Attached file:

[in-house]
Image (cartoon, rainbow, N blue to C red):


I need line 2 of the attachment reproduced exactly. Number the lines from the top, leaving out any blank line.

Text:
Image (cartoon, rainbow, N blue to C red):